In 1764 the English traveller R. Chandler5 come to Izmir and there was the Plague. The English trader Lee advises him to go to stay at Seydiköy until the end of the epidemic. He stayed for 3 months in Seydiköy which he described as a little village with a mosque and a fountain and with few Turks and Greeks and the families of the Consul of Holland, de Hochepied and of the trader Fremaux.

The de Hochepieds6 and the Two Madamas

From around 1760 the de Hochepieds lived in Seydiköy, as the family of the Dutch Consul of Smyrna, Daniel. The Hungarian Count de Hochepied was born in Smyrna in 1727 and died in 1796. He was the child of Daniel Alexander de Hochepied (again Smyrna born, 1689-1759) and Catherine Elisabeth Fremaux. He married in 1763 Marie Dunant daughter of Jacques Dunant and Anna Arlaud and widow of the British merchant, Samuel Crawley7.

According to Kararas, Marie was the famous Madama of Seydiköy. She was a great character as is related in the excellent translation of Kararas’ book, by our contributor Achilleas Chatziconstantinou and Madama died in 27 Nov. 1801. However there is some mystery and confusion on the de Hochepied “Madamas” as there are evidences that existed in quite an earlier period another Madama, Clara de Hochepied (1662-1733) born Colyer (Dutch diplomats probably of Scottish origin) wife of Daniel Jan de Hochepied (1657-1723) who was the Dutch Consul in Izmir from 1688 to 1723. This Clara should be the one after who the Madama Han8 of Smyrna (close to St. Polycarp Church) was named. It was bought by the Hochepieds from our Chian relative Constantine Amira in the beginning of the XVIIIth century.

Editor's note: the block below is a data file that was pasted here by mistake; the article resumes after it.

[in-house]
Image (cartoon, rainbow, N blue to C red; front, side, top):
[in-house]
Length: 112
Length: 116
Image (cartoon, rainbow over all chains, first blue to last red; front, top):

A traveller9 (probably a missionary) Angelicus Maria Myller in Oct. - Nov. 1726 visiting Izmir emphasizes the existence of a “Madama Holland”, “While I was in Smyrna the Dutch Consul was the son of the previous one: the widow of the late Consul was known as “Madama Holland”. She was old but very intelligent, an amazonian heroine. Her life style, the fact that she knows ten language made her famous also amongst the Turks. She give good advice to everybody and not only in Izmir, but in Istanbul too they spoke with respect about her”. In fact the husband of Clara Daniel Jan was Consul and died in 1723. Clara in 1726 was aged +/- 64 and she would die in 1733.